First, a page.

BEN: A man with his back to the wall, or mysterious things behind a wall? This is a good old-fashioned wall-match, just like the old days, when great authors would battle each other to exhaustion with wall-based narratives. In this case Peter Carey quickly established the upper hand with his American Dreams, rumoured to be a spin-off of the Hugh Grant film: he employs the dream of being American to deft effect—Birch was on the mat before he even knew what was going on. The aphorism ‘a good big man will always beat a good little injured alcoholic with a shotgun’ rings particularly true here. It’s possible that Birch made his fatal error in focusing too much on the side issues: the drinking, the car crash, the soft ball of heat; and not enough on the core disciplines of short story writing, such as twists and ghosts. Not that I know if Carey put any twisting ghosts in his story, but he certainly exploited Birch’s soft ball of heat. Kicked him right in it, you might say.
JESS: You know what I particularly liked about this match, Ben? That our esteemed judge for this round didn’t keep us waiting to find out who the winner was. Straight off the bat, Whelan declares a winner—and in this busy, fast-paced world, I’m sure Meanjin readers who have things to do and people to see appreciate that they have the option in this round to simply read the first sentence and discover the concise verdict. No pissing about or keeping people on edge. Of course, tournament enthusiasts with a little more time to kill had the option of continuing to read and find out why Peter Carey has bested the wonderful Tony Birch, and it was always going to be hard for a chap whose idea of showing commitment is hitting the bottle before getting touched up by spiritual healers to win against a wee fella building mystery walls on Bald Hill. Although as the old saying goes, if you remember the construction of mystery walls on Bald Hill during the seventies, you weren’t really there. Lucky for you, Peter Carey, you’ve admitted from the outset this story is fiction, otherwise I’d be calling BULLSHIT.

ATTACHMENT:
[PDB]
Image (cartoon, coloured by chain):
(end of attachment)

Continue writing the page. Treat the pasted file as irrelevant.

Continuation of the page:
BEN: Yes indeed, kudos to Sean M. Whelan, who will certainly get my vote for the Jennifer Byrne Medal for Literary Referee of the Year. In the end, no surprises in Carey’s victory I suppose: the man has the cold eyes of a killer, and he knows how to wield a metaphor. And so on we go, ever further into this narrative rabbithole, towards final victory!